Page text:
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Wouldn't it look more professional if the card links linked to the Portal version of the card instead of the latest reprint (especially in cases where the art is mentioned)? 05:12, 11 January 2011 (EST)

If you know how to make that change, go ahead. I do not know how. --GeoMike 06:25, 11 January 2011 (EST)
7th Edition Wrath of God v. any old . --Magic Mage (talk!) 03:15, 22 November 2012 (EST)

Notable cards[edit source]

While Portal was full of vanilla creatures and simple spells, a few of its cards have had some impact on Magic as a whole and on the Core Sets in particular:

Set details[edit source]

The set is infamous for its odd rules system, which was intended to make the game easy to understand but often led to much confusion when players went from Portal to an advanced or expert level set. It featured no artifacts or enchantments, as they were deemed too complicated. It also had no cards with the term instant (or interrupt, which was still in use at the time), although it did feature sorceries that could only be used at times that they could not normally be played, such as Mystic Denial, which could only be played in response to a creature or sorcery spell, and Assassin's Blade, which could only be played during an opponent's declare attackers step. All such cards have since received errata to make them actual instants. (Note that, under the Portal rules, Mystic Denial could counter Assassin's Blade because it was a sorcery, but under normal Magic rules it cannot because it is an instant.) The set also did not have any creatures with creature types, instead having every creature have a type line reading "Summon Creature". This has also been changed with errata.

The set also used different game terms, such as calling blocking "intercepting," calling the library the "deck" and calling the graveyard the "discard pile." These terms are again meant to simplify the game, but instead were the potentially the biggest source of confusion when a player started using more advanced cards that used the standard terms instead.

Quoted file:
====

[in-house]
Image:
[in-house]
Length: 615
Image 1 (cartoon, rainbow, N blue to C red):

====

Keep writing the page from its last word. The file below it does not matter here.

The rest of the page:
Finally, the set tried to improve the layout of the cards to make them simpler to interpret. The power and toughness on creature cards featured sword and shield symbols next to them to make it clear which number was which. The cards also had bold type for rules text, while flavor text was non-bold and separated from the rules text by a thick line in order to make it clear that the two were separate and that the rules text was more important. While these were not as controversial as the other changes, they gave the cards a simplistic look and clearly marked the cards as being for beginners in the eyes of more experienced players.

Mirrored Pairs[edit source]

The Collation Project has different booster[edit source]

It's generally the most reliable source - http:

The Collation Project says: 2 basics, 9 commons, 3 uncommons, 1 rare. (and 1 tip card)

Wiki says: 11 commons, 3 uncommons, 1 rare.—The preceding unsigned comment was added by (talkcontribs).